Kai Williams

19 karmaJoined Jan 2022


Thanks for releasing this. I'm curious what is the more interesting sample here: somewhat established alignment researchers (measured by the proxy that they have published a paper), or the general population of who filled out the sample (including those with briefer prior engagement)?

I filled out this survey because it got signal boosted in the AI Safety Camp slack. At the same time, there were questions about the funding viability of AI Safety Camp, so I was strongly motivated to fill it out for the $40 donation. At the same time, I'm not sure that I have engaged deeply enough with Alignment Research to be called an "alignment researcher." Given that AISC was the most common place donated to, this may have skewed the population in general.

Skimming through the visualization tool (very cool, thank you!), the personality questions didn't seem to be affected, but the political questions do seem to vary a little bit. For instance, among alignment researchers who have published a paper, around 55% support or strongly support pausing. On the other hand, among those who haven't published a paper, around 75% support or strongly support pausing. Which population should this analysis rely on?

I don't have a good answer to this, but I did read a blog post recently which might be relevant. In it, two philosophers summarize their paper which argues against drawing the conclusion that longtermists should hasten extinction rather then preventing it. (The instigation of their paper was this paper by Richard Pettigrew which argued that longtermism should be highly risk-averse. I realize that this is a slightly separate question, but the discussion seems relevant.) Hope this helps! 

Thanks for the piece. I think there's an unexamined assumption here about the robustness of non-earth settlement. It may be that one can maintain a settlement on another world for a long time, but unless we get insanely lucky, it seems unlikely to me that you live on another planet without sustaining technology at or above our current capabilities. It may also be that in the medium-term these settlements are dependent on Earth for manufacturing resources etc. which reduces their independence.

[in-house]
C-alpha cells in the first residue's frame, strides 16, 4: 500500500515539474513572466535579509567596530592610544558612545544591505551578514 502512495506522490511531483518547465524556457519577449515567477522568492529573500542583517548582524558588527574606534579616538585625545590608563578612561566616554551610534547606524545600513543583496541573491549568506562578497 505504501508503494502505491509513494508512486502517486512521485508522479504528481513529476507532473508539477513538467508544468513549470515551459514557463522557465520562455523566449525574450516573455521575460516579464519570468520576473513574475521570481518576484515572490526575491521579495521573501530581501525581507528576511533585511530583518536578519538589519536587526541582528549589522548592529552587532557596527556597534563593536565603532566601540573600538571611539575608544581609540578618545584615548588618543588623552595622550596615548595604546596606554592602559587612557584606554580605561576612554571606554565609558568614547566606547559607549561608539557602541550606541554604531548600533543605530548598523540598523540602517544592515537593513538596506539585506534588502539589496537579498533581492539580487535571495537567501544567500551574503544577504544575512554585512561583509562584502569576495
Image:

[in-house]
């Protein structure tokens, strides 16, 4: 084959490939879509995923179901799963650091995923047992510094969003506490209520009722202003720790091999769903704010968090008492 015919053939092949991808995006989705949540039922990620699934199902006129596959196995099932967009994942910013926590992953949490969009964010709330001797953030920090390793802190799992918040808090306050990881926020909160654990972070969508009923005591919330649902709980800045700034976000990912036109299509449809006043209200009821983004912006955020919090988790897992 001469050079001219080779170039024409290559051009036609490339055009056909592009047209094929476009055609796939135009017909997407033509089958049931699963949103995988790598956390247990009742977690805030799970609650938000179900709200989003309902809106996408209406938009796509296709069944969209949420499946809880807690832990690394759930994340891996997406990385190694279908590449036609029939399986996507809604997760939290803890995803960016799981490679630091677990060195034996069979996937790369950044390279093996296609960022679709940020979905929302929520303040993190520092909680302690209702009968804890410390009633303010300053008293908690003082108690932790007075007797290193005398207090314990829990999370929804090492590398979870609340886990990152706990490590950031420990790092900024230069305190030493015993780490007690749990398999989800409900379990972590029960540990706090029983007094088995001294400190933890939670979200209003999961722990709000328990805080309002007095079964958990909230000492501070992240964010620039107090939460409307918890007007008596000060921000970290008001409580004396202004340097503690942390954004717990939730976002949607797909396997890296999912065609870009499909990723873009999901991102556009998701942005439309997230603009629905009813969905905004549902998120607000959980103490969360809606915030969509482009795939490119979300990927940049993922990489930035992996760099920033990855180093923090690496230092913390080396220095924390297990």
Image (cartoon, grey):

This isn't fatal to your thesis (especially in the long-long term), but I think having a high minimum technology threshold does undercut your thesis to some extent.

tldr: A mathematics major graduating in May. Looking for next steps, in AI or elsewhere, but unsure of what exactly I want. Happy in general quantitative, policy, or operations roles.

Skills: Strong math background (+familiar with stats). Research skills (in math, AI Safety) including some coding (esp. python) and clear writing (won an outstanding poster at a math conference). Project management at Amazons operations internship; ran painting business for two summers, and finances for independent debate club at my school.

Location/remote: Currently in Philadelphia. Would move for a good opportunity, but prefer East Coast US/Remote

Availability & type of work: I can start in mid to late June (or later). Prefer full time or volunteering

Resume: Resume link. LinkedIn here.

Email/contact: DM me, or message me via LinkedIn. 

Other notes: I have a great deal of uncertainty of what my longer term plan. If you have any suggestions, particularly ones which help answer whether I should return to graduate school at some point.